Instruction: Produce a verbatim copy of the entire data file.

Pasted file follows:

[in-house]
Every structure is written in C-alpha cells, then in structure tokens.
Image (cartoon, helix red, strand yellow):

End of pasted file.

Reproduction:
[in-house]
Every structure is written in C-alpha cells, then in structure tokens.
Image (cartoon, helix red, strand yellow):